Producer: Virginia Díaz (credits include “Selena,” The Chase,” “Rushmore”).
Director: Anibal Capoano (credits include award-winning “Caballitos De Lata”).
Cinematographer: Gabriel Bendahan (credits include award-winning documentary fils “Preso,” “Mandado”).


Albondigas de chile ancho

This saucy meatball recipe is featured early in Mr. Medrano’s film, as he makes them in his kitchen. The recipe is in his 2014 book by the same name, “Truly Texas Mexican: A Native Culinary Heritage in Recipes,” where he describes the dish as an illustration of “the dynamism of food pathways” tracing the humble meatball’s roll from the Arab world to Spain, to Mexico, and Texas.

  • Author: Adapted from Adan Medrano
  • Prep Time: 45
  • Cook Time: 15
  • Total Time: 1 hour
  • Yield: 40 meatballs 1x



For the adobo:

4 ancho chiles

1 white onion, peeled and quartered

3 cloves of garlic

2 teaspoons fresh Mexican oregano*

1 teaspoon salt

1 tablespoon vegetable oil

2 cups tomatoes, diced

2 cups chicken stock

1/4 teaspoon sugar

1 1/2 teaspoons white vinegar

For the meatballs:

1 pound ground pork

1 pound lean ground beef

1 egg, beaten

2 teaspoons salt

3 ounces white bread slices, crusts removed, torn into 1-inch pieces, about 3 slices or 11/2 cups

1/2 cup whole or low-fat milk


To make the chile puree and meatballs:

Preheat the oven to 400F.

Remove the seeds from the chiles by cutting a slit lengthwise in each chile to open it and remove the stem and attached seeds. Remove all other seeds in the chile pod.

Place the chiles in a pot and cover them with water. Bring to a boil, turn off the heat, and let the chiles steep for 15 minutes so that they will rehydrate. Drain and allow to col. Discard the soaking water.

Place the chiles, onion, garlic, oregano, and salt in a blender. Add 1 cup of clean water and blend on high (scraping down sides if necessary) until the paste is completely smooth, with no large particles. Add a little more water if needed. If there are large particles in the paste after blending, strain the paste through a fine-mesh sieve. Set aside.

Heat the oil in a Dutch oven and add the chile puree, with caution because there will be splatter as the liquid meets the oil. Fry for 10 minutes. The color will deepen and the puree will thicken. Set aside. (You will add some to the meatball mixture and the rest will cook into a sauce with other ingredients.)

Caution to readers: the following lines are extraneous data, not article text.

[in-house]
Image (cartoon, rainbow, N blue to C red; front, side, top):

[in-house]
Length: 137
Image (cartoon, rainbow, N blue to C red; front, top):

In a bowl, pour the milk, add the bread and set aside.

Mix together the pork and beef.

Add the beaten egg to the meat. Squeeze and discard excess milk from the bread and, using your hands or a large spatula or spoon, mix the bread into the meat.

Add 8 tablespoons (1/2 cup) of the ancho chile puree to the meat and mix thoroughly.

Form the seasoned meat into 40 (1-1/2-inch) balls and place them on a large cookie sheet.

Roast the meatballs in the preheated 400F oven for 12 to 15 minutes. They should be firm to the touch. They are ready to serve with the adobo.

To make the adobo:

To the remaining chile puree, add the tomatoes, chicken stock, and sugar, and bring to a boil. Simmer for 30 minutes, until the adobo begins to thicken. Stir in vinegar. Taste and add salt, if necessary.

Serve the meatballs on a plate and pour the adobo over them, or you can serve the adobo on the side, with toothpicks.



* Mr. Medrano explains there are two herbs called Mexican Oregano, and he is calling for Poliomintha longiflora, a naturalized Texas herb from the mint family. Lippia graveolens, a member of the verbena family is the more commonly found, he said. If you do not have fresh Mexican oregano (either one), substitute 3/4 teaspoon of dried Mexican oregano. If you do not have dried Mexican oregano, substitute 3/4 dried oregano (likely labeled generically “oregano” or “Mediterranean oregano.”) It is not the same flavor, so it is worth seeking out Mexican oregano at Mexican groceries or online spice companies in the dried form, or check your local farmers market to see if anyone grows fresh Mexican oregano.